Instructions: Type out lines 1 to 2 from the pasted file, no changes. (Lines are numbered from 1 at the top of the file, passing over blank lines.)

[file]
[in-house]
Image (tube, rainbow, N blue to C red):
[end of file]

[in-house]
Image (tube, rainbow, N blue to C red):